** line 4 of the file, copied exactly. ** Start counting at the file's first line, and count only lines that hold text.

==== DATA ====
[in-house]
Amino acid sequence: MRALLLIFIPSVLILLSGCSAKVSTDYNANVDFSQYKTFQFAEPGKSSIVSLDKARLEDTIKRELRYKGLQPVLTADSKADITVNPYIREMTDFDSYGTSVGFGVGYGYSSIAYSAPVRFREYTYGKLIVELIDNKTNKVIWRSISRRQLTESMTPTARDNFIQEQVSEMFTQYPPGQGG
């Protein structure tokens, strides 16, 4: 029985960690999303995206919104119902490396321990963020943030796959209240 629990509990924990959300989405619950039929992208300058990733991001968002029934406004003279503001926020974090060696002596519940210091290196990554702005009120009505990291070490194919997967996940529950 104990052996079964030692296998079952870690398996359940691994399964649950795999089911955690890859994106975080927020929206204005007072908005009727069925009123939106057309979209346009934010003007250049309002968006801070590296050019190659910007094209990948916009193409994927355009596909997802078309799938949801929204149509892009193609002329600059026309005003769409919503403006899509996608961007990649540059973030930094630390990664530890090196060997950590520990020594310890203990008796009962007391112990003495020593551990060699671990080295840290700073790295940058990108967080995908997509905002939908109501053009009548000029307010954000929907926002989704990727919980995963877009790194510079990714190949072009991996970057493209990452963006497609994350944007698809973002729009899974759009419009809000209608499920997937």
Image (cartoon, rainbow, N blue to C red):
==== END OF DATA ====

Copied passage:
Image (cartoon, rainbow, N blue to C red):